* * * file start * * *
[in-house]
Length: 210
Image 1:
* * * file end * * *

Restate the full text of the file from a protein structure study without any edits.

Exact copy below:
[in-house]
Length: 210
Image 1: